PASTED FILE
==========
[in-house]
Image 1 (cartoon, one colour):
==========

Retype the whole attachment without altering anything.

[in-house]
Image 1 (cartoon, one colour):